The UK's National Infrastructure Strategy was finally published on 25 November 2020, alongside Chancellor Rishi Sunak's Spending Review. The Spending Review, following closely after last week's Ten Point Plan for a Green Economic Recovery, didn't have much more to say on energy, but buried within the National Infrastructure Strategy are some clues on what the Energy White Paper is going to say.

Good news for Ofgem, Ofwat and Ofcom is that the government is committed to maintaining the system of independent economic regulation, as it has delivered significant benefits in the utilities sectors. But it needs to adapt and we can expect an overarching policy statement on economic regulation in 2021. This will create a more transparent strategic framework to help regulators support investments, something that the National Infrastructure Commission recommended in its study of the regulatory model in 2018-9. There is a strong hint that the three regulators could be given a new net zero duty. This is something that the energy networks have been calling for in the RIIO-2 price reviews, which inevitably involve a trade-off between meeting net zero goals and keeping costs for consumers down. (See our recent Green Recovery Report published in association with Utility Week for more on this.) It would also benefit the water companies who have already committed to a routemap to net zero by 2030.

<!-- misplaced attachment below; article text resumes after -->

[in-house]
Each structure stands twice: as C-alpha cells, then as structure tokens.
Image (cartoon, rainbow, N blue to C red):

The Ten Point Plan for a Green Industrial Revolution plus the extra detail in the National Infrastructure Strategy and the multi-year funding to deliver the Ten Point Plan confirmed in the Spending Review show that the UK government is starting to take climate change seriously, is committed to making the economic recovery from Covid-19 a green one and that utilities have a key role to play in advancing this.